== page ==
"Better than in many a day," returned Anderson Rover.

"And what is the news from New York?"

"Everything is going along well. We have those brokers just where we want them."

"Good! That is what I like to hear," and Dick's face showed his satisfaction.

"I've got more news, Dick, that you will like to hear," said his father, with a faint smile.

"What is that?"

"Dora telegraphed that she would be here tonight."

"Fine!"

"Well, we certainly had a great trip," said Sam, when the whole family and Nellie were gathered around the dining table. "But I don't know as I want to take it over again."

"Hardly," returned his big brother.



THE END



FAMOUS ROVER BOYS SERIES

BY ARTHUR M. WINFIELD

(Edward Stratemeyer)

OVER THREE MILLION COPIES SOLD OF THIS SERIES.

Uniform Style of Binding. Colored Wrappers. Every Volume Complete in Itself.

THE ROVER BOYS AT SCHOOL THE ROVER BOYS ON THE OCEAN THE ROVER BOYS IN THE JUNGLE THE ROVER BOYS OUT WEST THE ROVER BOYS ON THE GREAT LAKES THE ROVER BOYS IN THE MOUNTAINS THE ROVER BOYS ON LAND AND SEA THE ROVER BOYS IN CAMP THE ROVER BOYS ON THE RIVER THE ROVER BOYS ON THE PLAINS THE ROVER BOYS IN SOUTHERN WATERS THE ROVER BOYS ON THE FARM THE ROVER BOYS ON TREASURE ISLE THE ROVER BOYS AT COLLEGE THE ROVER BOYS DOWN EAST THE ROVER BOYS IN THE AIR THE ROVER BOYS IN NEW YORK THE ROVER BOYS IN ALASKA THE ROVER BOYS IN BUSINESS THE ROVER BOYS ON A TOUR THE ROVER BOYS AT COLBY HALL THE ROVER BOYS ON SNOWSHOE ISLAND THE ROVER BOYS UNDER CANVAS THE ROVER BOYS ON A HUNT THE ROVER BOYS IN THE LAND OF LUCK THE ROVER BOYS AT BIG HORN RANCH THE ROVER BOYS AT BIG BEAR LAKE THE ROVER BOYS SHIPWRECKED THE ROVER BOYS ON SUNSET TRAIL THE ROVER BOYS WINNING A FORTUNE

GROSSET & DUNLAP, PUBLISHERS, NEW YORK

THE PUTNAM HALL STORIES

Companion Stories to the Famous Rover Boys Series

By ARTHUR M. WINFIELD

(Edward Stratemeyer)

Uniform Style of Binding. Individual Colored Wrappers.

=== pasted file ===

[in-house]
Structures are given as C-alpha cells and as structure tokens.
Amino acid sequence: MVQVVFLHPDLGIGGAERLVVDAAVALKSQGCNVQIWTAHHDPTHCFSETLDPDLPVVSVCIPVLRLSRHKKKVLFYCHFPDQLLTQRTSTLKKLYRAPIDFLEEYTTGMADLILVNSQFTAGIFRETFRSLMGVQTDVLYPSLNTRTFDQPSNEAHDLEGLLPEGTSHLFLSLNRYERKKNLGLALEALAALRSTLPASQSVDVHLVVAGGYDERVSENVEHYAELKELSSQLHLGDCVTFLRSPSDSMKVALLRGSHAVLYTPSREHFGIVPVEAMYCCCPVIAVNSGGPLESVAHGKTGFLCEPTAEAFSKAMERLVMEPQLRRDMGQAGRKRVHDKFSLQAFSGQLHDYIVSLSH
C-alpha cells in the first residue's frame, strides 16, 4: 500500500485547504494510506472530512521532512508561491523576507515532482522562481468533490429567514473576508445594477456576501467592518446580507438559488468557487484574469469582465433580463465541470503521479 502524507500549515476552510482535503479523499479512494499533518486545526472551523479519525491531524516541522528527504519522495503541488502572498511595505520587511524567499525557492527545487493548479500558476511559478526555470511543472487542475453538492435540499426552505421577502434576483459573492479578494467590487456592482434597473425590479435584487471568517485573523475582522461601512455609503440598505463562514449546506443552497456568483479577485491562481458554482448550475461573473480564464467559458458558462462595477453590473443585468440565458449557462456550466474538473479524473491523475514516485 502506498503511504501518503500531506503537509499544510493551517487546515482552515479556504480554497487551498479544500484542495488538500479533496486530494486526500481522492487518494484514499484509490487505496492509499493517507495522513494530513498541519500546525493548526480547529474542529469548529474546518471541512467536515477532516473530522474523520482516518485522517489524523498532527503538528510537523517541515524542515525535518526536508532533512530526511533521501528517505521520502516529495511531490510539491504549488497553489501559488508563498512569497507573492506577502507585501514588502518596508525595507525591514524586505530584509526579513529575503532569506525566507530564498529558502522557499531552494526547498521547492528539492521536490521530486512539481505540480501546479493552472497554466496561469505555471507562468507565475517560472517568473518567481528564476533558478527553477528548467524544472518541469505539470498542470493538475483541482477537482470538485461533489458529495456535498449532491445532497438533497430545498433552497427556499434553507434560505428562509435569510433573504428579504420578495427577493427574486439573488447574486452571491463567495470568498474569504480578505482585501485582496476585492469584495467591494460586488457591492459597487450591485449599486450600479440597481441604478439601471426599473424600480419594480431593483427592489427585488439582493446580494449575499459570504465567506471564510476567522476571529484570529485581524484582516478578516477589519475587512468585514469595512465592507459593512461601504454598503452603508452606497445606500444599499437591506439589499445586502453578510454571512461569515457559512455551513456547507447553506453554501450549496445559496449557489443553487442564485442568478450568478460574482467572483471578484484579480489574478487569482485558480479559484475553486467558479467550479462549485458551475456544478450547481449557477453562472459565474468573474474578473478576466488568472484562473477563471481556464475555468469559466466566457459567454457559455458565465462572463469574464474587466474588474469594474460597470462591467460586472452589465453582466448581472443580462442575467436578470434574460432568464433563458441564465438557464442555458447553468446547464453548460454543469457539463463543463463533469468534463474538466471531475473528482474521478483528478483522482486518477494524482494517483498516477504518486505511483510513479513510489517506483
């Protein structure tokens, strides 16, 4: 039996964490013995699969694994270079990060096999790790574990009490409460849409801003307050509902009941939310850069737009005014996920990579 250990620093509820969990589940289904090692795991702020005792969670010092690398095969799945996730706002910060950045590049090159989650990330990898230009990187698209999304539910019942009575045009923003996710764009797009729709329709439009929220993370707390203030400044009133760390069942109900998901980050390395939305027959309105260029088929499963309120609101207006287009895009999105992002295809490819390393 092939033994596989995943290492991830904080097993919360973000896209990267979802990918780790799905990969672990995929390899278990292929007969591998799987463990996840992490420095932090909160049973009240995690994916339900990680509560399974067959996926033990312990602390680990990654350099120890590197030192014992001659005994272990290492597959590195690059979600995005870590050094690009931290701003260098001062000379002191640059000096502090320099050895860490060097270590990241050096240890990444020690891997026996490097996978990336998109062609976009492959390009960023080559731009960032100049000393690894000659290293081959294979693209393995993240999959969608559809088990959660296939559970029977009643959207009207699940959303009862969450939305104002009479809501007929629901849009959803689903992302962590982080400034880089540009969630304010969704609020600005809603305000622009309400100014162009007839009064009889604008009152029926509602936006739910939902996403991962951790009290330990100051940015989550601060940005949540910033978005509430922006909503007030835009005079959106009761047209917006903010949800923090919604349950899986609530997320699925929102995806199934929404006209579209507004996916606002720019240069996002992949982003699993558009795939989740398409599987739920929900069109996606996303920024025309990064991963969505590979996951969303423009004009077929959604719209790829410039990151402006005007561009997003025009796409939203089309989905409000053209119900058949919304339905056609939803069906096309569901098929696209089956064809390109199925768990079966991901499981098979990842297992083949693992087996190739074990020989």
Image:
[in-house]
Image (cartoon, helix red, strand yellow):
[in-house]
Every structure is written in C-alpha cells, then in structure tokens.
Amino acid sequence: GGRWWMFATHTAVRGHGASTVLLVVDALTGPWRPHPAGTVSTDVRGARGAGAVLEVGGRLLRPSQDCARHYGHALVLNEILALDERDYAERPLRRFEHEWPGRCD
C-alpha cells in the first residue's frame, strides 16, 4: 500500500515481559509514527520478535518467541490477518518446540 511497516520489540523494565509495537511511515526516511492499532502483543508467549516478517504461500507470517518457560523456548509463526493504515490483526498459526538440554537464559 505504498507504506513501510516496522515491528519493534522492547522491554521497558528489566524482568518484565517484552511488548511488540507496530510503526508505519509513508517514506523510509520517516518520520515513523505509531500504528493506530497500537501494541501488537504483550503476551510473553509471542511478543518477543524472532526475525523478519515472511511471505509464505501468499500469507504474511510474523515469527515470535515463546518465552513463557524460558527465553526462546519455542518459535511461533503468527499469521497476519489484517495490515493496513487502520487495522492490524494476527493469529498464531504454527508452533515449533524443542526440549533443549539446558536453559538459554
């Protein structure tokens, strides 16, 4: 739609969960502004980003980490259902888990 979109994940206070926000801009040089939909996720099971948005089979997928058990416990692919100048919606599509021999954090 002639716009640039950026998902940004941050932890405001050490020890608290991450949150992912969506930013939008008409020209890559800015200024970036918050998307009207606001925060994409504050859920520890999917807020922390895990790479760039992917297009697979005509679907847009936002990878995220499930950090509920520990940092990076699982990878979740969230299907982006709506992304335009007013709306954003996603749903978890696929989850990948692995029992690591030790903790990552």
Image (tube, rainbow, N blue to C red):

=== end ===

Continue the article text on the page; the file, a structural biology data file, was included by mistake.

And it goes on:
Being the adventures of lively young fellows at a Military Academy. Open air sports have always been popular with boys and these stories that mingle adventure with fact will appeal to every manly boy.

THE MYSTERY OF PUTNAM HALL; Or, The School Chums' Strange Discovery.

The particulars of the mystery and the solution of it are very interesting.

CAMPING OUT DAYS AT PUTNAM HALL; Or, The Secret of the Old Mill.

A story full of fun and vigor, telling what the cadets did during the summer encampment, including a visit to the mysterious old mill, said to be haunted. The book has a wealth of fun in it.

THE REBELLION AT PUTNAM HALL; Or, The Rival Runaways.

The boys had good reasons for running away during Captain Putnam's absence. They had plenty of fun and several queer adventures.

THE CHAMPIONS OF PUTNAM HALL; Or, Bound to Win Out.

In this volume the Cadets of Putnam Hall show what they can do in various keen rivalries on the athletic field and elsewhere. There is one victory which leads to a most unlooked-for discovery.

THE CADETS OF PUTNAM HALL; Or, Good Times in School and Out.

The cadets are lively, flesh-and-blood fellows, bound to make friends from the start. There are some keen rivalries, in school and out, and something is told of a remarkable midnight feast and a hazing with an unexpected ending.